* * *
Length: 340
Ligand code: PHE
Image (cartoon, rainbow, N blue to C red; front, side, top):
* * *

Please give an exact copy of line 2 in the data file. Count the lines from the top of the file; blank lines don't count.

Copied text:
Ligand code: PHE